Published by DC and © Edgar Rice Burroughs, Inc., April 1972
Title: “Origin of the Ape-Man Book One”
Synopsis: Marooned in the jungle, the doomed Greystokes give birth to a son who is eventually raised by apes.
Writer: Joe Kubert
Review: As good as his war comics are, Tarzan is the book Joe Kubert was born to draw. Inspired, the artist turns in beautiful work full of lush jungles and powerful storytelling. His use of silhouettes and spot blacks are excellent. This story, adapting Tarzan’s origin tale, is quite enjoyable, too.
Title: “Chapter One: Arrival!”
Synopsis: Rescuing his friend’s body from Natives, John Carter succumbs to fumes in a cave and is somehow transported to Mars.
Writer: Marv Wolfman
Penciler: Murphy Anderson
Review: The pacing is supercharged on this short backup feature, but Murphy Anderson delivers some nice art with clear storytelling.
Grade (for the entire issue): A
Second opinion: “4 out of 4 stars.” – Michael Tierney, Comics Buyer’s Guide #1609, October 2005 … Recommended by The Slings & Arrows Comic Guide (second edition), 2003.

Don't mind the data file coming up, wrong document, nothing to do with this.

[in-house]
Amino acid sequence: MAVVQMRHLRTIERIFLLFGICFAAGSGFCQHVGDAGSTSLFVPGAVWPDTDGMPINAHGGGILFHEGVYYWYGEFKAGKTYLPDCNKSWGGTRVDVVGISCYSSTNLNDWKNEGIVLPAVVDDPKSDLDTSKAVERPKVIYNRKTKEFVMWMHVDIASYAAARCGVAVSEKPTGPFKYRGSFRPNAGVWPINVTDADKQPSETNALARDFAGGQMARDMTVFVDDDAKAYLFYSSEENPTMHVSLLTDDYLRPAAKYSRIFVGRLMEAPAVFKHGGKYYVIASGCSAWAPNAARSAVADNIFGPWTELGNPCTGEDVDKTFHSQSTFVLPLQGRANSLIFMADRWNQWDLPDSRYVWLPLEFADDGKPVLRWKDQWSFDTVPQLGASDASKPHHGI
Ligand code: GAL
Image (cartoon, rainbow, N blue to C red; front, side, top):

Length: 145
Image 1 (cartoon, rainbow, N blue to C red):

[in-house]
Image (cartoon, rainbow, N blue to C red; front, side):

Cool factor: Really, there’s not much uncool to be found here.
Not-so-cool factor: OK, maybe Murphy Anderson’s Tharks aren’t the best.
Notable: Origin of Tarzan. … Origin of John Carter of Mars. … This issue also includes “The Dum-Dum,” a one-page text feature on Edgar Rice Burroughs, written by Marv Wolfman. … There’s also a three-page text story titled “Tarzan’s First Christmas,” with reprint art from Hal Foster. … Includes a one-page John Carter pinup by Gray Morrow.
Collector’s note: First DC issue (continues the numbering from Tarzan’s Dell and Gold Key run).
Character quotable: “I’ve heard tell that … thing … had a ape for a mother!” – Mr. Klaxton, jungle guide
A word from the publisher: “(Edgar Rice Burroughs, Inc.) wanted their artists on it. But I insisted on Kubert. I think I was right. He was the perfect guy for the strip.” – Carmine Infantino, in Back Issue #1, December 2003
A word from the writer/artist/editor: “Here was an opportunity for me to connect again with the joys of my childhood. To infuse myself into the world of Tarzan, the Ape Man, and to write and draw the character that had been an inspiration to me.” – Joe Kubert, from the 2005 introduction to “Edgar Rice Burroughs’ Tarzan: The Complete Joe Kubert Years,” 2016
Editor’s note: This review was originally published by Comics Bronze Age on March 8, 2010.